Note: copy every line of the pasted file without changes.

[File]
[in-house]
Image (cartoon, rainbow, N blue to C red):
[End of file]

[in-house]
Image (cartoon, rainbow, N blue to C red):